There can’t have been many people at the Bank who knew (on say 13 Dec) that Wood and Fiennes were going. The Governor, the incoming deputy (who would soon be responsible for financial stability), perhaps the Assistant Governor responsible for HR, perhaps the respective PAs, Wood and Fiennes themselves, and Bascand. Bascand either because he was still incumbent Deputy Governor or because either or both of Wood and Fiennes would most likely have talked to Bascand – their boss for several years, but not now the person driving decisionmaking – before making their final decisions. Only disgruntled people had an incentive to leak, which would have quickly narrowed the field, and Bascand apparently confessed, apologised, and agreed to go early. It could reasonably have been seen as a sacking offence but (a) no doubt the Bank wanted to keep this quiet, and (b) getting rid of a statutory officeholder isn’t quite like dismissing an ordinary staff member.
Why would Bascand have done it? Presumably the motive was pure and simple to put Orr on the spot at FEC, perhaps driven by frustration at how his loyal and capable senior staff had been treated. But it was still a strange step for someone like Bascand – the mostly fairly buttoned-down bureaucrat – to have taken. After all, although the FEC hearing became more of a spectacle, and more uncomfortable for Orr, it wasn’t as if this was really whistleblowing – the FEC hearing itself was never going to be decisive (of anything), and the Bank would have announced the departures a day or two later anyway. If – as I think there are – there are serious questions to be asked about Orr’s stewardship, a couple of days wasn’t going to make much difference in the scheme of things. Perhaps Geoff was just at the end of his tether?
If this is the story – and while it seems likely we can’t be certain – did he suppose he’d not be found out? Perhaps, but why take the risk? Perhaps he thought there weren’t really any downsides for him? But if so, he was wrong. Leaving two weeks early a job you’d resigned from anyway isn’t the cost. But yesterday’s story is. I guess that story wasn’t guaranteed to leak out, but….Wellington is a small place, and who knows what story staff were told as to why Geoff wasn’t around for his scheduled last few days.
It is simply a really bad look. Even real whistleblowers – of information about (a) misbehaviour that (b) would never otherwise come out – rarely prosper (even though society needs such people). But this wasn’t whistleblowing – Orr was within his rights to restructure, and the news was going to come out anyway – and just looks rather petulant and undisciplined. And whatever you think of Orr’s stewardship of the Bank, a senior figure behaving this way – breaching his obligations (moral and otherwise) is unlikely to endear himself to people (government or private sector) considering Geoff for future directorships and consultancies. If he had real concerns about Orr’s stewardship – and he should have – a detailed letter to the Minister of Finance, after he had left the Bank, might have been in order. Perhaps even a serious interview with a major media outlet a few months down the track (Orr is up for reappointment early next year), although in cosy Wellington even that would have raised eyebrows. But not leaking to the media – with a high probability of being found out – simply for some short-term additional embarrassment for the boss. (And it is not as if Geoff in the past has not expressed firm views on anyone speaking out in a way that might embarrass him or those he supports.)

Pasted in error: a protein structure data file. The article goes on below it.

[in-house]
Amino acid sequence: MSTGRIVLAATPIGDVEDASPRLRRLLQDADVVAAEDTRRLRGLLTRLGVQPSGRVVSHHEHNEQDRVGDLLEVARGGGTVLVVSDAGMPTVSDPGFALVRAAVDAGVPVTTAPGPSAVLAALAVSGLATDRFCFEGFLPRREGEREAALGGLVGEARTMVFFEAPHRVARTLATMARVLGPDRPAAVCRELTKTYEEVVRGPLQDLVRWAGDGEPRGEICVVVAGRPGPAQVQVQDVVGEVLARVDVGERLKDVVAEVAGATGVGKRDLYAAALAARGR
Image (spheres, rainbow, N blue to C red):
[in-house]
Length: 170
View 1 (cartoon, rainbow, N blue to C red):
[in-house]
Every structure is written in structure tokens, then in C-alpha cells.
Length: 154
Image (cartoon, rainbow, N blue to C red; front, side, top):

I was glad the news of those further senior management departures got out in time for FEC, was glad to see National and ACT MPs asking hard questions of Orr – and hope they now follow up further – but what Bascand (who had obligations to the Bank) appears to have done was quite inappropriate and unacceptable, and it is good that that news has belatedly come out. It is a sad way to end a long public service career.
But what a mess an important and powerful public agency is clearly in. So many key people going or gone, so little analytical, operational or policy excellence, so little banking or regulatory experience at the top of a major banking regulatory agency, and so on. Meanwhile, the Board chair who presided while all this went on has been given another term, and all indications are that none of this much bothers the person with the ultimate responsibility, the Minister of Finance. It should. We need to end, and reverse, the degradation of major New Zealand public institutions.
UPDATE: Continuing to mull over this business, I’m still a bit inclined to wonder if there is more to the story. Is there a possibility that Bascand took the fall, covering for someone else (for whom the consequences of discovery might have been greater)? I guess we’ll never know, and perhaps it is just that I don’t want to believe that someone like Geoff could have acted this way, even tired, even frustrated. There is something particularly treacherous about a deputy deliberately undercutting his boss in a way implied by the story told in this post. But probably only a couple of people know the truth of the matter, and they won’t be saying.